Saturday, June 20, 2009

Adventures in Organic Gardening Part 4

My sister-in-law had given me a wonderful Christmas present, a subscription of Harrowsmith Country Life! I find that it is a wonderful source of information and inspiration in my gardening adventures. It is my favorite magazine, and I love reading it during the winter months as I plan out what I am going to do the next summer. One day, maybe, I might write in to them and let them know how much of an inspiration they have been to me and include some pictures of my gardens (when they are finally the way I want them).

That particular year, in January (2006), I began using a set of shelves with lights in the basement as my little greenhouse to start my plants. I decided to grow pansies, asters, marigolds, tomatoes, peppers, and a few other plants. We also had the cold frame outside set up against the garage so that allowed me to start a larger number of plants, not having to carry them in and out of the house for 5 days when the time came.

I still used the little plastic containers and mini greenhouses for my pansies and marigolds, as it allowed me to regulate the temperature easier. For the others I used the large tray bottoms you can get when you buy a flat of flowers from garden centers.

I fill the tray with a seedling starter soil, and spread out some plant seeds, then cover it with a thin plastic. After a week or so, I started seeing the little seedlings popping their heads up. I let them grow in their trays for about 4 weeks, or at least until the second set of true leaves appear before I do much thinning or repotting. Once those have appeared I choose the strongest of the seedlings for repotting. The starter soil and leftover weaker seedlings go into my compost bin.

Once the tomato plants are about 6 inches high, I transplant them again into recycled milk bags rolled down. I remove the first 3 sets of leaves, and cover the stems with the soil. As the weeks go by, I remove more leaves and add a bit more soil. By the time I can transplant them in my garden, I have a strong stem (about an inch diameter) and large root ball. I have only lost one plant using this method during the transition from house to garden, and that was due to our dog laying on it!

I use the same method for pepper plants, and it seems to help a bit. When I put those in my garden though, I try to remember to put something in front of them to help protect them from direct sunlight for the first month. They do not seem to do well otherwise for me. I am still trying to find a good way of keeping pests from those, though.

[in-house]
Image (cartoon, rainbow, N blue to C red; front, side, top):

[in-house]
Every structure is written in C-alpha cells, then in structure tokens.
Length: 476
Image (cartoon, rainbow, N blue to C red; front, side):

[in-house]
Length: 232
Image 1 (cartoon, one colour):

I usually end up with about 20 to 30 tomato plants ready for my garden by the time I am ready to plant my garden. I also get at least 12 or so pepper plants.

I always plant marigolds around my tomato and pepper plants. This seems to help deter pests and it just looks pretty! I also find that I have fewer mosquito bites while gardening. Marigolds do help keep those away too!

Here is a picture of my basement greenhouse.

Large Spanish Onions to the left, and my cold frame to the right.

Zucchini plants to the front, and tomato plants to the back. 3 different varieties of tomatoes, Romano, beefsteak and plum. All are wonderful frozen or canned for using in the winter months.

This spring, the new two front flower beds were dug up, sod removed and put into of of the big wire compost bins, and a heavy black plastic put on top to "cook" any remaining weed roots during the summer. In the fall I removed the plastic, forked in a good amount of compost and planted a few more bulbs (tulips mainly) and transplanted a couple peonies, a yucca plant, and a bunch of sea thrift that I had started in my basement greenhouse in them. I also transplanted my two tea roses into them and a larger rose bush. At the base of each rosebush I put in a nice over ripe banana (read Black!) for a quick fertilizer boost. I spread out more natural wood chips for the mulch and let it sit until the next year.


  1. Beautiful landscaping. Wish I could do that. I have a brown thumb! :O(

    Lovely write up, Jewelz!

  2. Thank you Jo Ann! I get my green thumb from my Dad :)

  3. Really have enjoyed reading your organic gardening posts. One question...what did you put at the base of the rose bush when you transplanted it? An overripe "?". Wondering if I did the same if it would help my bushes?

  4. Thank you Craftymoose!

    Sorry about that, I meant to put in "over ripe BANANA. Yes, it would do wonders for your rose bushes! In fact, if you or your family goes fishing you could bury a fish under them too. That would work just as well :)

  5. Wow, jewelz, it looks like your catnip isn't all you're a master at growing! Those lillies are breathtaking. Beautiful!